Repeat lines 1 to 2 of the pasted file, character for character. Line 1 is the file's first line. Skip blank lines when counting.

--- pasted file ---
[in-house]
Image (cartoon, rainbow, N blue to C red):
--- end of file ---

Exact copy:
[in-house]
Image (cartoon, rainbow, N blue to C red):